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Christchurch Dean awarded University's highest research honour

Friday 18 September 2020 9:13am

David Murdoch image
Professor David Murdoch is the recipient of this year's Distinguished Research Medal.

Friendships and values-driven collaborations have been important to the success of infectious diseases researcher Professor David Murdoch – this year’s Distinguished Research Medal recipient.

Professor Murdoch is the Dean of the University of Otago, Christchurch, and a recognised world leader in the study, prevention and treatment of infectious diseases.

Among his notable achievements are a leading role in a Bill and Melinda Gates Foundation-funded global study of childhood pneumonia that is changing the way the disease is diagnosed, treated and prevented in developing countries; and years of research on Legionnaires’ disease that culminated in the establishment of a New Zealand-wide surveillance system.

Professor Murdoch has been a key advisor to the New Zealand government during the COVID-19 pandemic, and one of three independent international experts selected to advise the Oxford University team developing a vaccine for the novel virus.

Professor Murdoch says a highlight of his career has been working with many wonderful groups and individuals.

“Professor Murdoch is the epitome of a leader.  He works tirelessly to progress the understanding of infectious diseases and because of his mana in the field and gift for communication and collaboration, he has been able to ensure his research findings are implemented and make a difference to the health of individuals and communities."

“To be part of a large global network of values-driven researchers, including many New Zealand colleagues, has been an absolute highlight … These colleagues are all friends, including some of my closest, and I am a strong believer in the importance of friendship in successful research endeavours.”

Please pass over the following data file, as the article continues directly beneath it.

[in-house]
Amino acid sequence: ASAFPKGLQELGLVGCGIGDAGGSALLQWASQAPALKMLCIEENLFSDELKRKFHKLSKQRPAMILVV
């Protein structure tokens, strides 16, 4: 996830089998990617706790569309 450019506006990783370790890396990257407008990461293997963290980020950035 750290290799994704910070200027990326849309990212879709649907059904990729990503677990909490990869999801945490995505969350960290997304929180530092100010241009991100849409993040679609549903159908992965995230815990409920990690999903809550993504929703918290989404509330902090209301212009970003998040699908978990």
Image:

He says research leaders have an important role to play in creating environments where others flourish; in building capability, mentorship and diversity; and addressing inequities.

University Vice-Chancellor Professor Harlene Hayne says the award is richly deserved.

“Professor Murdoch is the epitome of a leader.  He works tirelessly to progress the understanding of infectious diseases and because of his mana in the field and gift for communication and collaboration, he has been able to ensure his research findings are implemented and make a difference to the health of individuals and communities.

"One significant example of his impact was the critical part he played in the establishment of a national vaccination programme for all Nepalese children, which happened because of his rigorous research and ability to work with governmental agencies and the World Health Organisation.  During the COVID-19 pandemic Professor Murdoch continues to lead by example, providing outstanding advice and commentary on the impact of the virus on New Zealand.”

Deputy Vice-Chancellor, Research and Enterprise, Professor Richard Blaikie says Professor Murdoch stood out among other highly deserving nominees for the quality of his research as well as the benefits it has for people and communities globally.

“David clearly cares deeply about translating research into impact and is a shining example for many researchers to follow.”